Prior renovascular hypertension does not predispose to atherosclerosis in mice

Research output: Contribution to journal/Conference contribution in journal/Contribution to newspaperJournal articleResearchpeer-review

Standard

Prior renovascular hypertension does not predispose to atherosclerosis in mice. / Mortensen, Martin Bødtker; Nilsson, Line; Larsen, Tore G; Espeseth, Eirild; Bek, Marie; Bjørklund, Martin M; Hagensen, Mette K; Wolff, Anne; Gunnersen, Stine; Füchtbauer, Ernst-Martin; Boedtkjer, Ebbe; Bentzon, Jacob F.

In: Atherosclerosis, Vol. 249, 06.2016, p. 157-63.

Research output: Contribution to journal/Conference contribution in journal/Contribution to newspaperJournal articleResearchpeer-review

Harvard

APA

CBE

MLA

Vancouver

Author

Bibtex

@article{d956e0eb418d453f8124c45d18868eaf,
title = "Prior renovascular hypertension does not predispose to atherosclerosis in mice",
abstract = "BACKGROUND: Hypertension is a major risk factor for development of atherosclerotic cardiovascular disease (ASCVD). Although lowering blood pressure with antihypertensive drugs reduces the increased risk of ASCVD, residual increased risk still remains, suggesting that hypertension may cause chronic changes that promote atherosclerosis. Thus, we tested the hypothesis that hypertension increases the susceptibility to atherosclerosis in mice even after a period of re-established normotension.METHODS: We used the 2-kidney, 1-clip (2K1C) technique to induce angiotensin-driven renovascular hypertension, and overexpression of the proprotein convertase subtilisin/kexin type 9 (PCSK9) gene to cause severe hypercholesterolemia and atherosclerosis.RESULTS: First, we performed 2K1C (n = 8) or sham surgery (n = 9) in PCSK9 transgenic mice before they were fed a high fat diet for 14 weeks. As expected, 2K1C did not affect cholesterol levels, but induced cardiac hypertrophy and significantly increased the atherosclerotic lesion area compared to sham mice (1.8 fold, p < 0.01). Next, we performed 2K1C (n = 13) or sham surgery (n = 14) in wild-type mice but removed the clipped/sham-operated kidney after 10 weeks to eliminate hypertension, and subsequently induced hypercholesterolemia by way of adeno-associated virus-mediated hepatic gene transfer of PCSK9 combined with high-fat diet. After 14 weeks of hypercholesterolemia, atherosclerotic lesion areas were not significantly different in mice with or without prior 2K1C hypertension (0.95 fold, p = 0.35).CONCLUSION: Renovascular hypertension in mice does not induce pro-atherogenic changes that persist beyond the hypertensive phase. These results indicate that hypertension only promotes atherogenesis when coinciding temporally with hypercholesterolemia.",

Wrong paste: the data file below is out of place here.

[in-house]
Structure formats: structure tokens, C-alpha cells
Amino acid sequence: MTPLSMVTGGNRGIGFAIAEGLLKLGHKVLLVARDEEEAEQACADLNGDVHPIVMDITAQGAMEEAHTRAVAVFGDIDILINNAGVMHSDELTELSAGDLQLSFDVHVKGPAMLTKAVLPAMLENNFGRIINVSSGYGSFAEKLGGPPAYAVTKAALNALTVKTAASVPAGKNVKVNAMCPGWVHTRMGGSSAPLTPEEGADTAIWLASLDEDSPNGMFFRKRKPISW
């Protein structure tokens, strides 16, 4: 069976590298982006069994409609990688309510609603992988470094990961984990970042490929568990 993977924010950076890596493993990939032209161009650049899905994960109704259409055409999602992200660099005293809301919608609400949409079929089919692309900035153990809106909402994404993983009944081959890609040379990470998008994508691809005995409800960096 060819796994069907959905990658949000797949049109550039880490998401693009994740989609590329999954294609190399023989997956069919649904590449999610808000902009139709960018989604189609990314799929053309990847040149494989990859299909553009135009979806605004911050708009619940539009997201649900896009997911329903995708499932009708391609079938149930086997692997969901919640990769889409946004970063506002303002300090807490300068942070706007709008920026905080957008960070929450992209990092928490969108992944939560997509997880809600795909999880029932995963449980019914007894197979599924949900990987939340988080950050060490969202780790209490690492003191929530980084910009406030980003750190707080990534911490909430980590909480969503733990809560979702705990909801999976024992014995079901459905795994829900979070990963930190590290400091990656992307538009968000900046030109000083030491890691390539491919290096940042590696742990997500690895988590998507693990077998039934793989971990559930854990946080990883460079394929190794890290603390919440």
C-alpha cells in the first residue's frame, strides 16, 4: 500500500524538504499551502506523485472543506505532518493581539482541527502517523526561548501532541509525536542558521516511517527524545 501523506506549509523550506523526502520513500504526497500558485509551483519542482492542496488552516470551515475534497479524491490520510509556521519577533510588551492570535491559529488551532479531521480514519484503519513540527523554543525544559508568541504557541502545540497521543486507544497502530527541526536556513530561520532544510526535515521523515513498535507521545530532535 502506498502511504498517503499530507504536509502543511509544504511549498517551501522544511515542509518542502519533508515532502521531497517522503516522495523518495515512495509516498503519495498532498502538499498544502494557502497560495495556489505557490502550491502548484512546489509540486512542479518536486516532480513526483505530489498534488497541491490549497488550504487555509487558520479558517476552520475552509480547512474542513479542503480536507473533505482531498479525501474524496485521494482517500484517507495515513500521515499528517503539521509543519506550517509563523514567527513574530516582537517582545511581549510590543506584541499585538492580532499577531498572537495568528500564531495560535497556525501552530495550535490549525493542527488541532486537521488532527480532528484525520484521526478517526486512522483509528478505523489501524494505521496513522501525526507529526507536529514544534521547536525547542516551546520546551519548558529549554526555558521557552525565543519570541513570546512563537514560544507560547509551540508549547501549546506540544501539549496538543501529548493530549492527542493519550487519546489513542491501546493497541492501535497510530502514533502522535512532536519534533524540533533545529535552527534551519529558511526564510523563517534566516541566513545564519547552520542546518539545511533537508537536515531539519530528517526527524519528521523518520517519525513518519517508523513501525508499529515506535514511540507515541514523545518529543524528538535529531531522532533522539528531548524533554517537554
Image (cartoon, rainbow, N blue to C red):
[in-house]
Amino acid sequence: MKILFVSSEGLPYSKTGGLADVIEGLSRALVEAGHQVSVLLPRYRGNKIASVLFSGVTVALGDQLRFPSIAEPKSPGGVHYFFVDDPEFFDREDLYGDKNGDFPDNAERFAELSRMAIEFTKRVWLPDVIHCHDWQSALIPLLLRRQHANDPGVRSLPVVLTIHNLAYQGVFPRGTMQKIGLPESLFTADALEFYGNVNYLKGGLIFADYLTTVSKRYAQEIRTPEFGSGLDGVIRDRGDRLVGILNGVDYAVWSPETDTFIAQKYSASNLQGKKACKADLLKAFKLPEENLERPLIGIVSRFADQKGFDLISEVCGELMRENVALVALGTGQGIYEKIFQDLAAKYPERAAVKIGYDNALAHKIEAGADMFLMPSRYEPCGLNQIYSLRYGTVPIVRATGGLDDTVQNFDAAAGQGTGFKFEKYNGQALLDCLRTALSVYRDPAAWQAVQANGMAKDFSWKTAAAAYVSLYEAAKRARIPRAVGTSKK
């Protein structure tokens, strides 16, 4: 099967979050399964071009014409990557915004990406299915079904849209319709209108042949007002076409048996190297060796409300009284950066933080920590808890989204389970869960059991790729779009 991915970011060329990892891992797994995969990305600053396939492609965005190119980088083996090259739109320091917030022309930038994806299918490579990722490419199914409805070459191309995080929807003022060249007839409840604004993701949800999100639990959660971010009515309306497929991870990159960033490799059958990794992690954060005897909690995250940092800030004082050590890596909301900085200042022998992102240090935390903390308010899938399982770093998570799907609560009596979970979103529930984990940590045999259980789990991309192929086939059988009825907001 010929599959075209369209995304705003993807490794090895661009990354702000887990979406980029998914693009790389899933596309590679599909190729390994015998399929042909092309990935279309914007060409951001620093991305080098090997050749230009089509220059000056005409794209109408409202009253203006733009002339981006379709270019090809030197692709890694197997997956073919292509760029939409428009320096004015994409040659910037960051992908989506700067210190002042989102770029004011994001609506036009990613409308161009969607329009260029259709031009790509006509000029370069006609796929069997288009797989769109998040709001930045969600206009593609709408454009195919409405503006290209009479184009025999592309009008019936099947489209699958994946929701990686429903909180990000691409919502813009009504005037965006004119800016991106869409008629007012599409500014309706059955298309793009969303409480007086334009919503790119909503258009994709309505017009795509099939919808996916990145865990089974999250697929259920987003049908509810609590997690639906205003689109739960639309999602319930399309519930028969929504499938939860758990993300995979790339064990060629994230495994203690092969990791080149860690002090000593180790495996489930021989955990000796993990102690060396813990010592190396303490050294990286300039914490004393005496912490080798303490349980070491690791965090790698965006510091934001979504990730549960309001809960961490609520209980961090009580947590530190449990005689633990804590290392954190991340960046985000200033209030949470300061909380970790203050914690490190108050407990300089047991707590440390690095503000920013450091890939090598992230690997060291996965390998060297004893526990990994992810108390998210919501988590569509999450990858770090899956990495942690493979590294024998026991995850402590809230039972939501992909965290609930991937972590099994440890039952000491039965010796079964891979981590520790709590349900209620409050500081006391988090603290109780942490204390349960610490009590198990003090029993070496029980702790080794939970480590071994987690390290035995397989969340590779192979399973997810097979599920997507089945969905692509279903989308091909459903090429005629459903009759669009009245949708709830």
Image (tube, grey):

author = "Mortensen, {Martin B{\o}dtker} and Line Nilsson and Larsen, {Tore G} and Eirild Espeseth and Marie Bek and Bj{\o}rklund, {Martin M} and Hagensen, {Mette K} and Anne Wolff and Stine Gunnersen and Ernst-Martin F{\"u}chtbauer and Ebbe Boedtkjer and Bentzon, {Jacob F}",
note = "Copyright {\textcopyright} 2016 Elsevier Ireland Ltd. All rights reserved.",
year = "2016",
month = jun,
doi = "10.1016/j.atherosclerosis.2016.03.030",
language = "English",
volume = "249",
pages = "157--63",
journal = "Atherosclerosis",
issn = "0021-9150",
publisher = "Elsevier Ireland Ltd.",

}

RIS

TY - JOUR

T1 - Prior renovascular hypertension does not predispose to atherosclerosis in mice

AU - Mortensen, Martin Bødtker

AU - Nilsson, Line

AU - Larsen, Tore G

AU - Espeseth, Eirild

AU - Bek, Marie

AU - Bjørklund, Martin M

AU - Hagensen, Mette K

AU - Wolff, Anne

AU - Gunnersen, Stine

AU - Füchtbauer, Ernst-Martin

AU - Boedtkjer, Ebbe

AU - Bentzon, Jacob F

N1 - Copyright © 2016 Elsevier Ireland Ltd. All rights reserved.

PY - 2016/6

Y1 - 2016/6